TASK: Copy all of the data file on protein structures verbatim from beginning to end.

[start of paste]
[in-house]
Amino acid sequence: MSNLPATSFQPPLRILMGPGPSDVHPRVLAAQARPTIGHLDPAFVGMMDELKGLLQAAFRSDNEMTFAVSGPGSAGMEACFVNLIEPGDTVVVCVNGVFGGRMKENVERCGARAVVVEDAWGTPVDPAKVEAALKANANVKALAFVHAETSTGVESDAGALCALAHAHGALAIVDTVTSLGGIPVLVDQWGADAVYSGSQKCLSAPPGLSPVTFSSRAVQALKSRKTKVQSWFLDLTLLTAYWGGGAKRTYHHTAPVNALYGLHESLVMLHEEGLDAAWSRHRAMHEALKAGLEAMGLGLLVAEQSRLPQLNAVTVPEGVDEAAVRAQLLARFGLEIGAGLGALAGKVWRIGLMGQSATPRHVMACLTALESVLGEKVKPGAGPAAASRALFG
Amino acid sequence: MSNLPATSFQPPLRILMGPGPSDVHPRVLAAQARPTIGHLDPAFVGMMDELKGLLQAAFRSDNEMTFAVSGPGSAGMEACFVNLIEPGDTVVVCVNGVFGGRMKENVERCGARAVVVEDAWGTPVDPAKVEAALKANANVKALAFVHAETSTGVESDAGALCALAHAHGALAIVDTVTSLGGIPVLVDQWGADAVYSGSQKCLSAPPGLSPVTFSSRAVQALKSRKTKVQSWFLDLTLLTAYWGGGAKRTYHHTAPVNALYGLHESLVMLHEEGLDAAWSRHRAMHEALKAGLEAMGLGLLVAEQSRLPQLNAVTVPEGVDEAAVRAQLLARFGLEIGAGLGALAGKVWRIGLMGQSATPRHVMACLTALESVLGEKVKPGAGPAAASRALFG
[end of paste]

[in-house]
Amino acid sequence: MSNLPATSFQPPLRILMGPGPSDVHPRVLAAQARPTIGHLDPAFVGMMDELKGLLQAAFRSDNEMTFAVSGPGSAGMEACFVNLIEPGDTVVVCVNGVFGGRMKENVERCGARAVVVEDAWGTPVDPAKVEAALKANANVKALAFVHAETSTGVESDAGALCALAHAHGALAIVDTVTSLGGIPVLVDQWGADAVYSGSQKCLSAPPGLSPVTFSSRAVQALKSRKTKVQSWFLDLTLLTAYWGGGAKRTYHHTAPVNALYGLHESLVMLHEEGLDAAWSRHRAMHEALKAGLEAMGLGLLVAEQSRLPQLNAVTVPEGVDEAAVRAQLLARFGLEIGAGLGALAGKVWRIGLMGQSATPRHVMACLTALESVLGEKVKPGAGPAAASRALFG
Amino acid sequence: MSNLPATSFQPPLRILMGPGPSDVHPRVLAAQARPTIGHLDPAFVGMMDELKGLLQAAFRSDNEMTFAVSGPGSAGMEACFVNLIEPGDTVVVCVNGVFGGRMKENVERCGARAVVVEDAWGTPVDPAKVEAALKANANVKALAFVHAETSTGVESDAGALCALAHAHGALAIVDTVTSLGGIPVLVDQWGADAVYSGSQKCLSAPPGLSPVTFSSRAVQALKSRKTKVQSWFLDLTLLTAYWGGGAKRTYHHTAPVNALYGLHESLVMLHEEGLDAAWSRHRAMHEALKAGLEAMGLGLLVAEQSRLPQLNAVTVPEGVDEAAVRAQLLARFGLEIGAGLGALAGKVWRIGLMGQSATPRHVMACLTALESVLGEKVKPGAGPAAASRALFG